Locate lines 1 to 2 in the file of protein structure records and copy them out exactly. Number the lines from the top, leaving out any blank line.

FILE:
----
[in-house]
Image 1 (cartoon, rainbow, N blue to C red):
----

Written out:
[in-house]
Image 1 (cartoon, rainbow, N blue to C red):